Dubai landlords offer ‘free’ rent, multi cheques

Multiple cheques too: Landlords are enticing tenants with better deals to keep flats occupied amid low demand

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JLT and Dubai Marina are two of Dubai's upmarket communities.

Dubai: Landlords in Dubai aren’t just open to accepting multiple cheques and reducing lease rates, they are also offering rent-free periods just to attract tenants.

Despite claims that the property sector is bottoming out or showing signs of recovery, overall rents across the emirate are still on decline.

A slowdown in hiring and a sustained rise in the number of new apartments and villas continue to impact demand, prompting landlords to sweeten the deal.

With fewer jobs, there are fewer people with money to pay for rent.

Compounding the decline in demand is the increase in supply of new properties.

30,000 new units

Just this year alone, some 30,000 units are expected to be turned over to investors. So far, about a tenth of the number has already been delivered.

As a result, according to Propertyfinder Group’s UAE Real Estate Trends 2017 report, Dubai residents have gained more negotiating power when it comes to dealing with landlords.

“New tenants and their brokers have been able to negotiate concessions that were previously dismissed or largely unheard of in the Dubai market, such as rent-free periods.”

A quick look at various property listings in Dubai shows owners enticing potential tenants with “free” rents, especially for flats that have recently been delivered. “Brand new, one-month free [rent], with appliances,” reads one listing.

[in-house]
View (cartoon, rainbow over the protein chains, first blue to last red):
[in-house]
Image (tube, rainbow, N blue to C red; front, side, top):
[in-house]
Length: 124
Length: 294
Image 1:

Landlords are also resorting to other concessions, such as reducing rents for existing tenants, accepting multiple cheques and paying broker commissions. Owners have no other recourse, considering that they stand to lose money if their property stays empty even for just one month.

“Considering a one-month vacancy period equates to a loss of 8.3 per cent, which typically is close to, if not more than, the yield that most properties produce annually, concessions like these are not only smart business for the investor, but a win-win for all parties regardless of the market,” wrote Zhann Jochinke, chief executive officer, Keller Williams Real Estate.

Propertyfinder’s research among the nearly 24,500 Dubai apartments and villas advertised for rent showed that just about one in six specify the number of cheques required. Out of those that do, 1,842 listings state that tenants can pay in four cheques.

“The current market has seen some power returning to tenants – they can start to dictate more favourable terms and the amount of cheques is often one of those negotiation points,” said Lukman Hajje, chief commercial officer of Propertyfinder Group.

According to the latest report from Reidin, Dubai’s rental market fell 4.57 per cent year-on-year in May due to a sharp decline in values in both apartments and villas compared to a year earlier. Rents have declined in various locations, including in areas close to the Metro. 

Apartment rents dipped by 0.30 per cent in May compared to a month earlier and by 4.22 per cent compared to the same period last year. Rents for villas showed a slight uptick, rising by 0.32 per cent month-on-month, but still down by 6.5 per cent year-on-year.

Propertyfinder’s review of the property sales prices and rental values of apartments in 23 neighbourhoods across Dubai covering the six-month period from September 2016 to March 2017 also showed that rates did continue to weaken.

“There are a number of elements at play: high levels of construction in the lead up to 2020 increasing supply and competition for buyers and renters; a new reality of oil prices at $50 per barrel; a historically low GBP and Euro encouraging British and European owners to liquidate their UAE property holdings to realise currency profits,” Hajje said.

And it looks like the situation will remain the same for the rest of the year, unless more jobs come in and more expats move to Dubai.

“Until job numbers, population growth and economic growth enter their next positive phase, which we anticipate seeing in mid-to-late 2018 in response to spending from both government and private sector in the lead up to Expo2020, expect to see further weakening of the rental market,” noted Jochinke.
 

 

 

For information on the real estate sector within the UAE, please visit our sister site, getthat.com.

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